Sometimes, it's easy to pay no attention. Life goes smoothly when you disregard that which is heartbreaking. Even when sacrifices are made on your behalf, no need to share in someone else's pain.
But there are times when we are asked, for a little while, to stop and consider how we benefit from the service of people who put a lot on the line, including, occasionally, their lives.
The 28th annual Fallen Heroes Day in Maryland was May 3. It's a day set aside to honor those in the public safety community — police, firefighters, corrections officers and emergency responders — who have died in the line of duty. All were designated last year as line-of-duty deaths, although two of the deaths happened in 2010 and 2011.
In a ceremony at Dulaney Valley Memorial Gardens, hundreds gathered to commemorate the supreme sacrifice made by seven Marylanders, including five police officers, one correctional officer and one firefighter. Six were men and one was a woman.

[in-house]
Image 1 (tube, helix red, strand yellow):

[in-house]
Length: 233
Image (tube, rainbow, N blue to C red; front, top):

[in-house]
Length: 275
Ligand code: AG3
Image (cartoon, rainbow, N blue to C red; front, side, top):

These losses now begin to recede into history — the most recent was last September.
Sadly, this kind of history cannot be permanently relegated to the past. Peril is a constant and as long as there are men and women who rush in the direction of that peril, the risk of death will continue.
We were reminded of this as recently as May 2, when a firefighter with the Reisterstown Volunteer Fire Company died of injuries received several days earlier while fighting a fire that killed another man.
Gene Kirchner, 25, was one of the first firefighters on the scene of the house fire on Hanover Road on April 24. He went inside to try to save a trapped man. He was later found unconscious on the second floor of the house. Kirchner had joined the fire company as a junior firefighter at age 14 and his twin brother and sister also serve as volunteers with the company.
"Sometimes we take for granted the willingness of our first responders to lay down their lives for us," he said in a statement. "Today, we're reminded just how much we owe them."
The dead deserve commemoration. The mourners deserve our condolences. And the living who still rush into peril deserve our respect and, once in a while, our complete attention.